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Sat. 2/23: Green Campaign School in Worcester, MA

campaign school logo

You can make a difference!

Saturday, February 23, 9:30am – 5:30pm

First Unitarian Church of Worcester

90 Main Street, Worcester, Massachusetts

What: This one-day campaign school will give you the tools and training you need to create a new political climate in your community.  The emphasis is upon giving voters clean, green candidates to move us beyond politics-as-usual at the town and state level.

Who should attend:  Anyone who 1) is thinking about running for office as a Green (Green-Rainbow) candidate, 2) wants to acquire the skills to help their favorite candidate succeed, or 3) wants to sharpen their organizing skills in support of their party or nonprofit organization.

Special speakers:  Jill Stein, 2012 Green Party candidate for President, will talk about her experiences campaigning across America in 2012 & Rosa Clemente, the 2008 Green Party candidate for Vice-President, and nationally known community organizer, independent journalist and hip-hop activist will give her take on what we need to do in this political moment.

Workshops: Workshops will address campaign planning, use of social media such as Twitter and Facebook, websites, fundraising, message development, get-out-the-vote activities, running for local offices, and campaign organization.

Leaders: In addition to workshop leaders from the Green-Rainbow Party and Maine Green Party, we are fortunate to welcome Ben Manski of Madison, Wisconsin, campaign manager, of the groundbreaking Jill Stein for President campaign. Continue Reading

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Maine Greens Elect Three; Plus Independent to State Assembly

The Maine Green Independent Party saw three local candidates win elections on Tuesday:


Greens in Portland won several races: City Councilors David Marshall and Kevin Donoghue easily won re-election to third terms on the City Council while Holly Seeliger won the open seat for the School Board District 2 (West End, Parkside). Congratulations to David, Kevin and Holly for running terrific, grassroots campaigns and for showing that Greens can govern. Are you ready to run in 2013? Form a municipal committee? Contact us today! info@mainegreens.org

While the Greens running for State legislative seats once again performed well but lost, one Green was re-elected to the state assembly as an Independent. Ben Chipman, who is a Green, wound up running for State Assembly in 2010 as an Independent and defeated his Republican and Democratic opponents. This year he won re-election:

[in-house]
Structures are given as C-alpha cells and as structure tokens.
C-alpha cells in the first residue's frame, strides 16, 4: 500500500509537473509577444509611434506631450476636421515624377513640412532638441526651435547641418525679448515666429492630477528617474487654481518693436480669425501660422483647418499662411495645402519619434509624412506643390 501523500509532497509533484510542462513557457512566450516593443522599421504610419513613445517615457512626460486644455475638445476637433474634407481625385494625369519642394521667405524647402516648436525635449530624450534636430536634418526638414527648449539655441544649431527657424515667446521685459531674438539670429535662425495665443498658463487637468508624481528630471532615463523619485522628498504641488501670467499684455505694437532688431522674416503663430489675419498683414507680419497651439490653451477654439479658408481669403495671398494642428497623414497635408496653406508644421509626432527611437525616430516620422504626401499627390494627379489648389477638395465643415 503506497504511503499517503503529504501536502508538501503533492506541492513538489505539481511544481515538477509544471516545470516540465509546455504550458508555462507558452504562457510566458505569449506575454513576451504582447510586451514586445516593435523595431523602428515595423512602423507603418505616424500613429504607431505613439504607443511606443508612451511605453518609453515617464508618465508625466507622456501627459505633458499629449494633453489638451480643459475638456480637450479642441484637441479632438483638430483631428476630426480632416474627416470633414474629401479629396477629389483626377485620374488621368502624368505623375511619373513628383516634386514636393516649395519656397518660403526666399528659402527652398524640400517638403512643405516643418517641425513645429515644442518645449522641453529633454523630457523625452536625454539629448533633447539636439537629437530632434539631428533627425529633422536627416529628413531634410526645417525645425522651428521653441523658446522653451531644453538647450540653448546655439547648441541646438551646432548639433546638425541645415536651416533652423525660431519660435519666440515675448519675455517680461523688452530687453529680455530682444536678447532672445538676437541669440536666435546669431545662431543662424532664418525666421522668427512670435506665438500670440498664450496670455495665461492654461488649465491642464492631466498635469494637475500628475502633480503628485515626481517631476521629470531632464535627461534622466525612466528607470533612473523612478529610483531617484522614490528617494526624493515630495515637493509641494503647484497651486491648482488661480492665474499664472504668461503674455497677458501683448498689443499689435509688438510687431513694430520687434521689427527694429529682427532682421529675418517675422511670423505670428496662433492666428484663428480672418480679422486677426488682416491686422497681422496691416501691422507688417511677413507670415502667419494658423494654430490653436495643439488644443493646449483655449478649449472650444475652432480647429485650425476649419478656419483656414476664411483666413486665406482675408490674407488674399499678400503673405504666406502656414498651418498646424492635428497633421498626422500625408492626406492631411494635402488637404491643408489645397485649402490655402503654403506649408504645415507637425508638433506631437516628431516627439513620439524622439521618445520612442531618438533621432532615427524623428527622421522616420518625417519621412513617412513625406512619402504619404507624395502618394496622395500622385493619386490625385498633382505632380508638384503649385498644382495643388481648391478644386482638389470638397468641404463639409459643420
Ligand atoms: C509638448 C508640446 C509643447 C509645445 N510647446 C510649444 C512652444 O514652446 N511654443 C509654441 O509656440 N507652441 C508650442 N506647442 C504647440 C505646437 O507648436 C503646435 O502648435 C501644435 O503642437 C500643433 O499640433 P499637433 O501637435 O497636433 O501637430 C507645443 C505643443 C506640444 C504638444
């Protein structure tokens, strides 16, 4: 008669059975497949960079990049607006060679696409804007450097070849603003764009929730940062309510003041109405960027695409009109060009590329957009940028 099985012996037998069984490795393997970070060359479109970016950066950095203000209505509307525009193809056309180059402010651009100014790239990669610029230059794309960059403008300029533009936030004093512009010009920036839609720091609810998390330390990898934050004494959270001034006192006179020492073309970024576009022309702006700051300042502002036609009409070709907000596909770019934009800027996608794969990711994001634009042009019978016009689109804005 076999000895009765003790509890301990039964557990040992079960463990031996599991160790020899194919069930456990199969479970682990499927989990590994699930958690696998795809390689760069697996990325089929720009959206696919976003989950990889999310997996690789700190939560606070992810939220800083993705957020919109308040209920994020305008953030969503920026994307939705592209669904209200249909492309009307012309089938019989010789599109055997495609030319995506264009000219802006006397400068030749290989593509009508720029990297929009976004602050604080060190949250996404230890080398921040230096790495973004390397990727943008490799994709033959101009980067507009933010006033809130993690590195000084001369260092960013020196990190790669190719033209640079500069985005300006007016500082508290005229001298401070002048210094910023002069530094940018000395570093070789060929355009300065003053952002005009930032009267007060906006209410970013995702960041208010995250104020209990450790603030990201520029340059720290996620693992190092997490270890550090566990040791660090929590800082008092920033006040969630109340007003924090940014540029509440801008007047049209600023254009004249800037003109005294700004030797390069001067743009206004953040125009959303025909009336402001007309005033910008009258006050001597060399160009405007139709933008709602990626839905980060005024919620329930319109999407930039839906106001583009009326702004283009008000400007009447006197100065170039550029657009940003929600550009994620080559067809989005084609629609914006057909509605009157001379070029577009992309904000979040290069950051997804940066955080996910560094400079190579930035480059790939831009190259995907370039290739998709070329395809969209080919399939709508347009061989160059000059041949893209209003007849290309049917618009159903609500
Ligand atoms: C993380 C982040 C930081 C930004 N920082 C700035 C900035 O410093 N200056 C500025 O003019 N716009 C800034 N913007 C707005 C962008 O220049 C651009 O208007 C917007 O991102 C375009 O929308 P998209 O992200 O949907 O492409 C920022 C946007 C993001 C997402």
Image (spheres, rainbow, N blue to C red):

Maine House District 119
Herbert C. Adams (D) 1,272 36.63%
Benjamin M. Chipman (I) 1,884 54.25%
Gwendolyne Elissa Tuttle (R) 317 9.13%

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Fairvote reports on instant runoff voting elections in 6 cities

Rob Richie and Dorothy Scheeline of Fairvote have written some interesting analysis of last week’s elections that used instant runoff voting, aka ranked choice voting. Instant runoff voting was used in San Francisco, CA, St. Paul, MN, and Portland, ME; in all three cities, Greens both helped enact IRV and ran in last Tuesday’s elections. For the mayoral elections in Portland and San Francisco, Fairvote has graphs that show the breakdown of votes round by round until someone takes a majority (in Portland, Greens David Marshall and John Eder finished 4th and 12th of 15; in SF, Green Terry Baum finished 11th of 16). In a Huffington Post article, Richie and Scheeline focus on the story of IRV’s success in Portland:

Repeatedly, we are seeing RCV winners being the candidates who do a particularly effective job at reaching out to voters, often with direct contact involving community debates, local events, and door-knocking. One Portland candidate, David Marshall, said he knocked on 20,000 doors. He didn’t win, but it was ballots from his supporters that provided a particularly strong boost to the new mayor’s win total.

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Portland Maine’s IRV Mayoral Race has 14 Candidates, 2 Greens

On November 8, Portland Maine will hold an election for the first popularly elected Mayor in over 80 years. Furthermore, voters will get to rank the candidates as the election will be using Instant Runoff Voting (IRV), which will be very interesting given that there are 14 candidates on the ballot.

One of those candidates, John Eder, is a former State Legislator, one of a handful of Greens ever elected to State Legislative office in the U.S. Eder, however, did not get the endorsement of the Maine Green Independent Party (MGIP), which has instead endorsed sitting City Councilor David Marshall, also a Green: